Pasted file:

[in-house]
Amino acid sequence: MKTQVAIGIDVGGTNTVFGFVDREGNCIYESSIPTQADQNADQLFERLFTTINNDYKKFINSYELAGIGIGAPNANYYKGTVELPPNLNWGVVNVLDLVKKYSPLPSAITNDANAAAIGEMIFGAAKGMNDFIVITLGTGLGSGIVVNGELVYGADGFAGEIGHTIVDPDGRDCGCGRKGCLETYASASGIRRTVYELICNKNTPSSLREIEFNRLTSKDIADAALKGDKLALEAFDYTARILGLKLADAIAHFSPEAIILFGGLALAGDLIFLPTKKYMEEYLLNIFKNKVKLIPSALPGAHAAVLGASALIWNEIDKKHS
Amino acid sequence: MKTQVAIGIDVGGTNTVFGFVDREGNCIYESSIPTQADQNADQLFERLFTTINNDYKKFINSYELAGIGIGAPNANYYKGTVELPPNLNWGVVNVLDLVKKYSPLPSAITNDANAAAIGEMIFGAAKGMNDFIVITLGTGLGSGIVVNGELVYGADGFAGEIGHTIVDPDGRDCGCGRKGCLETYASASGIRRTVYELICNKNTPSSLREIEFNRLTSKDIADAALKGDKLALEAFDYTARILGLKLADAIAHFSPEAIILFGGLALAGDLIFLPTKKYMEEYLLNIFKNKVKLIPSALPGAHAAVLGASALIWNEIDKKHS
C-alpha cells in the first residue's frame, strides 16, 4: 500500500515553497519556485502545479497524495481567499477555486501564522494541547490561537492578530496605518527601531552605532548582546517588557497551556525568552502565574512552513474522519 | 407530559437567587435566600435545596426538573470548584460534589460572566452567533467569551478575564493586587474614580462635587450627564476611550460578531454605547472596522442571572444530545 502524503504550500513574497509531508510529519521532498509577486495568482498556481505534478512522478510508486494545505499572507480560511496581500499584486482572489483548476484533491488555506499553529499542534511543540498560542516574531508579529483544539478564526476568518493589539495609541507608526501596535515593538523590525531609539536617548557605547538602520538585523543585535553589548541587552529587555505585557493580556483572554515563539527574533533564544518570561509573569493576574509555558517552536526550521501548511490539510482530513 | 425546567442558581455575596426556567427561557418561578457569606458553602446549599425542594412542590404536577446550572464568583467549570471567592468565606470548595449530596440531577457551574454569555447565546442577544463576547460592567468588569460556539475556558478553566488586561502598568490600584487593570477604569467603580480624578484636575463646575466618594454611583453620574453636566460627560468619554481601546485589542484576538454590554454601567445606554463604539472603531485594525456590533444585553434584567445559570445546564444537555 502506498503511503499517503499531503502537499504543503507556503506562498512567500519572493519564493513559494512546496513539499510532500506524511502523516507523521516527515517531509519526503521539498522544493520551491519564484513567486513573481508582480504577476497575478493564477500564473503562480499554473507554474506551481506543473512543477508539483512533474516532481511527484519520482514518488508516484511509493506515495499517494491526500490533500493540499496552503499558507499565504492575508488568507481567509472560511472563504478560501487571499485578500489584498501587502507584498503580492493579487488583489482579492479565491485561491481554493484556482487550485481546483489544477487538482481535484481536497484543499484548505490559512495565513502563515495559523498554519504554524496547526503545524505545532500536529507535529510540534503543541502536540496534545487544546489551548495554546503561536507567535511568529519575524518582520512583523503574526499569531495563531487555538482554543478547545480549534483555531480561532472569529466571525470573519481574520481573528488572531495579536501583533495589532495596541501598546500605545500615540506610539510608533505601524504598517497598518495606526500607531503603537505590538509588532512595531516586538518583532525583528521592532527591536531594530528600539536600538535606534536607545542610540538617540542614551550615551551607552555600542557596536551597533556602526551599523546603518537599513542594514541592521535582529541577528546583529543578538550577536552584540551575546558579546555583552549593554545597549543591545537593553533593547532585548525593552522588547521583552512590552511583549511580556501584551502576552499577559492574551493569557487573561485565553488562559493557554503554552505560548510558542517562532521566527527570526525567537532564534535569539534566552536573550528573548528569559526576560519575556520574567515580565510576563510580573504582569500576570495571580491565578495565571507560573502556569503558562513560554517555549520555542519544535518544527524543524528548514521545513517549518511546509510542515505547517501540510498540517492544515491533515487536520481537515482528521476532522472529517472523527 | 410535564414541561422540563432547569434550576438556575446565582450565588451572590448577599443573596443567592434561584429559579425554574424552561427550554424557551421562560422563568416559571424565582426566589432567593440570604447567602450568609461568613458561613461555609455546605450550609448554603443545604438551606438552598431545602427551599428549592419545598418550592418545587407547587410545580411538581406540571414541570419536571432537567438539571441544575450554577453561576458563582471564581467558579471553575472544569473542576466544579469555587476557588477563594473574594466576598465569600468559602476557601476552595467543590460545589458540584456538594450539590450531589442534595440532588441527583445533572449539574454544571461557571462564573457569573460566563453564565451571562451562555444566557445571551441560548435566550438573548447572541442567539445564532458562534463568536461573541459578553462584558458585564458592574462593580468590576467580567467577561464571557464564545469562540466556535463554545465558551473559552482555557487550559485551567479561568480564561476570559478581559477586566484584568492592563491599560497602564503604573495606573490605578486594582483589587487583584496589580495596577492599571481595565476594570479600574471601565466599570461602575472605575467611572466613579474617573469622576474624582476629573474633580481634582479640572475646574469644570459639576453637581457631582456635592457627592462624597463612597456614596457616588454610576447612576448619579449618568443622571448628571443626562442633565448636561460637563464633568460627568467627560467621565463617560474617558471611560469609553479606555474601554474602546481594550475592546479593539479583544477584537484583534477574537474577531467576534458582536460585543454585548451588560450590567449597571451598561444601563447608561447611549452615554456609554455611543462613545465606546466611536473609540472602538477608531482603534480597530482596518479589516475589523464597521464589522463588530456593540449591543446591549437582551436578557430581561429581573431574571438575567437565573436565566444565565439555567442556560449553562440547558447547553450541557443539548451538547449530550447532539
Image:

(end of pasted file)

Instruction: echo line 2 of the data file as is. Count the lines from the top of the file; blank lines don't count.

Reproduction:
Amino acid sequence: MKTQVAIGIDVGGTNTVFGFVDREGNCIYESSIPTQADQNADQLFERLFTTINNDYKKFINSYELAGIGIGAPNANYYKGTVELPPNLNWGVVNVLDLVKKYSPLPSAITNDANAAAIGEMIFGAAKGMNDFIVITLGTGLGSGIVVNGELVYGADGFAGEIGHTIVDPDGRDCGCGRKGCLETYASASGIRRTVYELICNKNTPSSLREIEFNRLTSKDIADAALKGDKLALEAFDYTARILGLKLADAIAHFSPEAIILFGGLALAGDLIFLPTKKYMEEYLLNIFKNKVKLIPSALPGAHAAVLGASALIWNEIDKKHS